Jab Pyar Kisise Hota Hai
 
     


Director: Nasir Hussain
Year:  1961
Rating: 7.5

Translation - When One Falls in Love


Glorious Bollywood Black and White

A few minutes into this film it was feeling very familiar and I began to wonder if I had seen it recently - I am getting to that age - but as it turned out it was a different film from director Nasir Hussain. But similar in many ways to his previous film Dil Deke Dekho. Same lead actress and same actress playing the mother. Hussain said about himself that he arrived in Bombay with one film script and one idea and made many films out of it. Having seen his first four now I have to agree, but in this case that really isn't such a bad thing as they are all great fun. He stuck to a winning formula - coincidences run around like wild horses until they are corralled at the end, the characters are all well educated middle to upper class and Anglicized, the locations are out in the Hill Stations (England built all these hill stations to migrate to in the summer months), people fall in love at the drop of a hello, one of the parents objects, there is often an arranged marriage in there to gum up the works, a villain is trying to gain the wealth of the wealthy family through hook or marriage and there is always some identity confusion or disguises. Same but not same and utterly charming. It helps that Hussain gets top notch actors as well as some of the best music to come out of Bollywood.



In his first two films he had shaped Shammi Kapoor into the charm bomb that he became - in this one he has Dev Anand who was a top actor at the time but one has to wonder if this film was meant for Shammi. It has him written all over the script. Dev is fine but Dev doesn't dance. He never really does. In musical numbers he just walks around with the girl doing all the hard work. This film called for some Shammi dancing and moments of pure joy. It also stars Asha Parekh as the love interest. Hussain had used her in Dil Deke Dekho against the advice of many. She was basically unknown and seemed to have an attitude problem. One of the film studio's had offered her their training classes and she refused - either you have it or you don't she said. Apparently she didn't on one film in which she was fired after two days. But Hussain liked something about her - youth, looks. modernity and sass and maybe that lower lip. It came down to either her or Sadhana, another up and coming actress - but Sadhana got sick and so it was Asha - Sadhana went on to make Love in Simla. Both films made the actresses stars. Asha was to appear in a number of Hussain's films over the years. I have so many favorite Bollywood actresses from this period that I can't say which I like more but I will watch Asha and Madhubala in anything.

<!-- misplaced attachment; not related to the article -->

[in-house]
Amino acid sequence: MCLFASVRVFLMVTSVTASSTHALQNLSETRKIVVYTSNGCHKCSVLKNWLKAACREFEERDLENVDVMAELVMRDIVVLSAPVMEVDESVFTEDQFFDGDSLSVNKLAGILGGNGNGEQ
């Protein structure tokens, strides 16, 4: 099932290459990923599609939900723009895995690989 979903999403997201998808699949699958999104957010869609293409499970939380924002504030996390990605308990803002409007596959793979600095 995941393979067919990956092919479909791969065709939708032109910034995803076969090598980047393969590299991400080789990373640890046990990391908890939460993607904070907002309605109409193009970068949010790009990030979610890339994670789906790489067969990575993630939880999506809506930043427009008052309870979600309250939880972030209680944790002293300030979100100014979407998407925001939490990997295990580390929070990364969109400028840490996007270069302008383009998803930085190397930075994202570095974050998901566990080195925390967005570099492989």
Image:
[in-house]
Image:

The music is just fabulous - and there is a lot of it - another characteristic of Hussain's films. The music is from the team of Shankar–Jaikishan and lyrics from Hasrat Jaipuri or Shailendra with Lata and Rafi doing the vocals. Unfortunately, the lyrics were not translated on the dvd but the songs were so well picturized and the footwork in two ensemble numbers from Asha is stunning. The song in which Dev is on top of a moving car singing to Asha on a moving train, Jiya Ho Jiya Kuchh Bol Do, has become a classic.








So where to start. The mother (Sulochana  - only in her 30's but already being made up to do mother roles) of Sunder (Dev Anand) and Nisha's (Asha) mother made a promise years ago that their children would get married some day. Years pass, Nisha's mother dies, they never have met, Asha has no idea about this deal and Sunder has weirdly fallen in love with this girl he has never met. In any other film industry that would be creepy - in Bollywood it is kismet. But Nisha's wealthy father wants nothing to do with this arranged marriage and wants Nisha to marry his right hand man Sohan.






Sohan is played by Pran which is a dead giveaway because Pran always plays the villain - in hundreds and hundreds of films. He has a face that a mother would not trust to go to the corner store to buy a pack of gum and bring back change. To give Pran credit - his villains were of all types - slimy ones, simpy ones, sly ones, sadistic ones, slovenly ones - he is like the Baskin-Robbins of villains. And I love the guy. Here he is both sly and slimy. Asha goes off to Darjeeling to do a dance performance and to bring back a man named Popat to her father for a business deal. It just so happens Sunder is there, spots the girl he loves and pretends to be Popat and goes back with her. They fall in love of course. At the same time another man (Rajendra Nath - i.e. comic relief) is also pretending to be Popat. There is also an old murder that comes into play and an ending that is just whacky as the earth begins to explode, But it all works with Hussain's light touch and emotional touchstones that he hits with ease.